The Labrador retriever is the number one dog in America and Europe for many years because of many important reasons. A Lab’s lovable face and sunny disposition make them fun to be with. For many years, many people, young and old, have enjoyed the company and loyal friendship of a Labrador retriever. They are always on the go and crave to be doing something with the other members of the pack. A Lab will always love to go swimming, playing catch, chasing balls, hiking, jogging, and just playing around with everyone.
A Labrador retriever is very devoted to the pack. It offers unconditional love and never-ending loyalty to everyone in the family. When you come home after a long tiring day, your worries and tiredness will be eased away by the enthusiastic welcome given by your Lab. Its wagging tail and smiling face are just what you need to tell you that you are safe and sound at home. Families with little kids will certainly love a Labrador retriever for it is one of the gentlest creatures that can easily form a lasting bond of friendship with kids. Unlike other dog breeds, a Labrador retriever takes a long time to mature. Its childlike enthusiasm for life is certainly contagious and will bring light and color to the family life.
Labrador retrievers are highly intelligent dogs and thus can be trained easily. They are so smart that they can easily get into trouble but easily figure a way out of the mess. The best way to train a Lab is to provide the proper motivation to keep him interested with the activity at hand. Even as a puppy, it can easily pass obedience training. As it grows into adulthood, it can be trained to retrieve, catch, and participate in agility competitions, search and rescue operations, and be a service or therapy dog.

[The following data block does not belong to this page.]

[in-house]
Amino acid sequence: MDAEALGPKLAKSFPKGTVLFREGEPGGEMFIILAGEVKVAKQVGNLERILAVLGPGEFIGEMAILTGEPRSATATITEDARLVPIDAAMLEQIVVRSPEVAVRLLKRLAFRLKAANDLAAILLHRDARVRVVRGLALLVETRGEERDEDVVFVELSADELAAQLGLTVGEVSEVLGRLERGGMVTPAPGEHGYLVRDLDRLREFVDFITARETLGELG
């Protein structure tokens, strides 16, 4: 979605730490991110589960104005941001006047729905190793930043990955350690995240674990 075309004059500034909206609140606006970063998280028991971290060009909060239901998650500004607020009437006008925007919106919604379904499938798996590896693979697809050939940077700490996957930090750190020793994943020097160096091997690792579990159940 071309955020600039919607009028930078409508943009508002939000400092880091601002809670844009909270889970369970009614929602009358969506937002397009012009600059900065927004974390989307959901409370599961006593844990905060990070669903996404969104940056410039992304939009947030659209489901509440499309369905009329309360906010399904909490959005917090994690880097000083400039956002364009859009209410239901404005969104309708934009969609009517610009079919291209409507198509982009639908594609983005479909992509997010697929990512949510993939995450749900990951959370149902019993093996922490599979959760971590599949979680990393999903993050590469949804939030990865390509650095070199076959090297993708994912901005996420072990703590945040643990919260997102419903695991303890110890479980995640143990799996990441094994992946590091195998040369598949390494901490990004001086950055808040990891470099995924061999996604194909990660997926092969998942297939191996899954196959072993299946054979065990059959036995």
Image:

Together with the proper motivation and consistency, tons of patience will help you achieve success in Lab training.
Labrador retrievers are most happy when they are living with a family who loves to do activities with him. An idle Lab is a bored dog which can become a factory of tricks in an effort to amuse itself. When left alone for long periods of time, a bored Lab can develop the most unwelcome behavior including digging holes, escaping from the yard, chewing on the furniture, barking incessantly and even jumping up on people. A Lab wants an active life with a large portion of that spent with you or other members of the family. It needs sufficient regular exercise every single day to release its pent up energy.
A Lab is a great companion dog but its overflowing friendliness and sociability will never make it an outstanding guard dog. It can be used to sound off an alarm when a stranger approaches the house. Oftentimes a person may be alarmed by its sheer size however once it comes near it will start smiling and wagging its tail in welcome. This is the ultimate reason why a Labrador retriever is the number one dog for the family. A lab is non-threatening and it is not threatened by actions that most guard dogs perceive as hostile. That’s why it is well-loved by families even those with very young kids.
The Lab was originally bred to be a working dog. Their keen olfactory sense makes them excellent candidates for police work including bomb, contraband, and illegal drug detection, and search and rescue operations. The breed is also one of the most popular dog breeds to be trained as assistance and service dogs. Aside from being friendly and gentle, they are also very compassionate towards their owners and have been known to stick with them when tragedy strikes. As a therapy dog which makes regular visits to dreary hospitals, a Lab’s sunny personality is infectious and can surely brighten a patient’s day and bring smiles to their faces.
A Lab which has been trained in this kind of work still seeks human companionship and will work hard for a play session afterward. Many Labs have become famous in history because of the success that they have achieved in their work.
Photo of Seamus provided by Just Labradors Forum member labby